Children on Monday trickled back to school in Guinea, where the Ebola epidemic broke out in December 2013, as west Africa cautiously began turning the page on the deadly outbreak.
Schools in neighbouring Liberia will reopen on 2 February, while Sierra Leone, the country with the largest number of Ebola cases, has yet to set an official date.
The three countries have borne the brunt of the epidemic, representing 99% of the more than 8 600 deaths in the worst-ever outbreak of the haemorrhagic virus.
Finally, the World Health Organisation has reported a decline in infections.
Overall, at least 22 000 people have so far been infected, according to the WHO.
Guinea decided last week to encourage at least 2.5 million primary and secondary school students to return to school, four months after the normal October start of the academic year.
But initial attendance was low.
Geography teacher Nabe Karamou, said last week's announcement had taken many by surprise – teachers and students alike.
"I never really even expected [classes] to restart," he told AFP at his school in a suburb of Conakry, the Guinean capital.
The school's principal, Ibrahim Bah, noted: "We are in the middle of the month and it does not work [financially] for many families."
The schools have been provided with health kits containing chlorine, thermometers and soap, while teams will monitor students to detect possible infections, the government said.
But Fanta Camara, who has a child at another Conakry school, was dubious.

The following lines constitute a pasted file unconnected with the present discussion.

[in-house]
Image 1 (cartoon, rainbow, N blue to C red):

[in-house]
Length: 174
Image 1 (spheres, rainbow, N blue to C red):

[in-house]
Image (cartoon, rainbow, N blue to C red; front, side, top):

"I am not convinced with the safety arrangements for students. I am heading back with my daughter," she said.
On Saturday, Guinean President Alpha Conde threatened to arrest those who refused to comply with Ebola prevention campaigns.
"We have been putting our message out for a long time, but there are people who don't want Ebola to end," he said, adding that security forces had been ordered to make arrests if people refused treatment.
Violent reactions to Ebola are frequent in Guinea, especially in the south, where tensions are high between local groups and the central government.
An angry mob last week killed two men and burned their bodies, convinced that they were infected with Ebola.
'The battle continues'
Meanwhile, Mali, which along with Senegal and Nigeria had a minor Ebola scare, was able on Monday to declare itself Ebola-free after 42 days without any new cases.
Senegal and Nigeria had previously already done so.
"We have no right to let down our guard. The battle continues," said Ibrahima Soce Fall, the head of the Malian office of UNMEER, the United Nations Ebola task force.
The warning apparently fell on deaf ears for some residents, who could be seen greeting each other by shaking hands.
"Shaking hands is a tradition here, but Malians would do well to keep to the recommended hygiene habits," said shopkeeper Mohamed Toure.
In Sierra Leone, the government launched the second phase of its anti-Ebola campaign, the National Ebola Response Centre (NERC) said.
Despite the signs of progress, government officials and international agencies have urged continued caution.
Malian Health Minister Ousman Kone called on people and health officials "to continue basic hygiene and protective behaviours".
"We are capitalising on the momentum generated to kick out Ebola as the overall situation is improving drastically," Yahya Tunis, NERC Communication Officer, told AFP.